Miami police union chief Javier Ortiz can’t get enough of Claudia Castillo — and it’s been nothing but trouble for him since their first encounter over a year ago.
The latest blow in their now 14-month long feud: Ortiz was relieved of duty with pay Friday after Castillo told a judge that the lieutenant stalked her at City Hall after she gave testimony to the city’s Civilian Investigative Panel about an encounter she had with a police officer.
The judge set an April 5 hearing date for Ortiz to make an argument to reclaim his post and to get his gun back, which by policy was taken away until the issue is resolved.
“She was visibly upset because he sat near her,” said Danny Suarez, a Miami commission candidate and former CIP member who helped walk Castillo from the chamber after the Tuesday meeting. “He was watching her through the bathroom window. I advised her to get a restraining order against the guy.”
Castillo, who spoke with the Miami Herald last year, turned down a request for interview Friday. Suarez said Castillo was walked to her car by a high-ranking police officer and Ortiz never left City Hall.
Ortiz referred questions to Robert Buschel, an FOP attorney who said his client did nothing wrong and he has witnesses who will attest to that.
“I interviewed a high-ranking police official who was there and said this is nonsense. There was absolutely no concern for her safety,” Buschel said. “This is the danger of ex parte [one party] complaints.”
On Tuesday, Castillo was before the CIP to complain that Ortiz harassed her on social media after her encounter with police officer Daniel Fonticiella in January 2016. She chased the cop for miles along Miami-Dade County’s busiest highways and told him he was speeding after he finally came to a stop.
She also taped their encounter on her cellphone. The video went viral — and Ortiz wasn’t happy.
The lieutenant, who has a large social media footprint that he’s used to pick fights with residents, police supervisors, even one of the world’s biggest musical superstars, began blasting Castillo on Facebook and Twitter.
He called her a #COPHater and posted a picture of her drinking beer while steering a boat. He posted her business card and urged people to call her at work and on her cellphone. The fight with Castillo caught the attention of local filmmaker Billy Corben, who has also had a long-standing feud with the lieutenant.
Corben urged his tens of thousands of Twitter followers to complain about Ortiz on Facebook. They did. Facebook took down Ortiz’s posts. The lieutenant put them right back up. Facebook took them back down.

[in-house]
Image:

Ortiz doesn’t shy away from a social media fight very often. In the past several years he bashed a high-ranking female Muslim Miami police officer for not covering her heart during the Pledge of Allegiance. He went after a woman who posted an arrest in Liberty City. He supported police after Michael Brown was killed in Ferguson, Missouri. He called Tamir Rice, a young boy shot and killed by police in Cleveland, a thug.
And he urged Miami police to boycott a Beyoncé concert at Marlins Park last year because he believed a video she made had an anti-police message.
In December the police department finally determined that Ortiz had broken department policy in regard to his posts about Castillo. He was reprimanded. Tuesday, Castillo took her fight to the CIP, which determined that she had been harassed by Ortiz and sent its findings to police chief Rodolfo Llanes.
In her statement to the CIP, Castillo said she was so unnerved by Ortiz’s posts about her that she couldn’t sleep, had to lock her doors at all hours and that strange people were showing up at her office.
Then on Wednesday, the court weighed in.
“Respondent shall have no contact with petitioner. Respondent shall not directly or indirectly contact petitioner in person, by mail, email, fax, telephone, through another person or in any other manner,” the restraining order reads.
Llanes, the police chief, said Ortiz can still perform administrative functions as union president, but he can’t take part in any police activities.
“He got served with a restraining order and in the restraining order it says he can't have any firearms,” said Llanes. “So he turned in his firearms and he'll be relieved of duty [with pay] until his court date.”
Miami Herald staff writer David Smiley contributed to this report.